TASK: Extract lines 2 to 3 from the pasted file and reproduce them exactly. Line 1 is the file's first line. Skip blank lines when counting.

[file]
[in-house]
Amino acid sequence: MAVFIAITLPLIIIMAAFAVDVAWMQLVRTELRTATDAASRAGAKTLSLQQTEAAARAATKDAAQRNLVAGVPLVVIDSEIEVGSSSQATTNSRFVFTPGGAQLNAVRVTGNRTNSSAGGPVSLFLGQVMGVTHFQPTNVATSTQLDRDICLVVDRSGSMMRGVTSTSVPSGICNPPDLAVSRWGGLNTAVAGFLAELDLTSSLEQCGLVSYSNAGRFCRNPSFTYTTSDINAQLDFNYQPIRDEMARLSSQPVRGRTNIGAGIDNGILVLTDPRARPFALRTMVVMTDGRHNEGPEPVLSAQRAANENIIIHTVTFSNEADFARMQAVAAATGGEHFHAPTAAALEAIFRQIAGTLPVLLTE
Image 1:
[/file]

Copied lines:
Amino acid sequence: MAVFIAITLPLIIIMAAFAVDVAWMQLVRTELRTATDAASRAGAKTLSLQQTEAAARAATKDAAQRNLVAGVPLVVIDSEIEVGSSSQATTNSRFVFTPGGAQLNAVRVTGNRTNSSAGGPVSLFLGQVMGVTHFQPTNVATSTQLDRDICLVVDRSGSMMRGVTSTSVPSGICNPPDLAVSRWGGLNTAVAGFLAELDLTSSLEQCGLVSYSNAGRFCRNPSFTYTTSDINAQLDFNYQPIRDEMARLSSQPVRGRTNIGAGIDNGILVLTDPRARPFALRTMVVMTDGRHNEGPEPVLSAQRAANENIIIHTVTFSNEADFARMQAVAAATGGEHFHAPTAAALEAIFRQIAGTLPVLLTE
Image 1: